Washington — Getting schoolchildren to eat green vegetables is anything but easy. Getting students in ultra-Orthodox schools to eat these vegetables as part of their school lunch could soon become impossible.
Representatives of ultra-Orthodox groups have been petitioning the government, in meetings and through correspondence since last October, to exempt their schools from the legal requirement to serve leafy dark green vegetables as part of a menu eligible for federal funding.
Their reason has nothing to do with the taste of spinach, kale, or cabbage. It is because these and other leafy greens might be infested with tiny insects that would render them non-kosher. The groups have asked the U.S. Department of Agriculture to find substitutes that would maintain the nutritional benefits of these vegetables without having ultra-Orthodox children risk eating food that might contradict their dietary laws.
It is an issue that relatively few in the Jewish community pay much attention to, and given the reluctance of most Jewish groups to negotiate with the federal government over funding, due to their reluctance to ask the government for special preferences tailored to any religious group, ultra-Orthodox activists find themselves alone in the battleground.
Leafy green vegetables are only one of the concerns that drive advocates of the ultra-Orthodox community to engage with the federal government despite their lack of broad communal support. In recent years, for example, as the holiday of Sukkot approaches, representatives of Agudath Israel of America, an umbrella organization representing American Haredi communities, works with the Transportation Security Administration and with the Customs and Border Protection Agency to make sure Jewish travelers carrying the “Four Species” that make up the ritual lulav and etrog are allowed to go through airport security whether entering or exiting the country.
Agudath Israel also stood at the forefront of the campaign against the use of revealing X-ray scanning technology at airport security checkpoints, citing concerns over modesty of travelers.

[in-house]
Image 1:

This recent move by ultra-Orthodox activists follows complaints from school administrators at Haredi-run schools who found it difficult to comply with the Healthy, Hunger-Free Kids Act of 2010 which went into effect this school year. The law, aimed at fighting childhood obesity by making school lunches healthier, allocated $4.5 billion for school lunch programs for the next five years, but it requires public and private schools receiving federal lunch assistance to adhere to a new set of nutritional guidelines. These guidelines include limiting grain consumption and replacing refined grains with whole grains; requiring each student to be served at least half a cup of vegetables per meal with an emphasis on dark-green and red-orange vegetables; and imposing limits on sodium intake. Federal subsidies for lunches are conditioned on schools adhering to these requirements.
Ultra-Orthodox schools took issue with two of the measures. One problem stemmed from limiting the amount of grain-based foods served at schools. Administrators noted that for the purpose of saying the blessing over the bread (HaMotzi) and the blessing on nourishment (Birkat Hamazon), students require a certain amount of bread, usually one slice. But that would take up all the grain allocation for a meal and would not allow other grain-based foods on the lunch plate.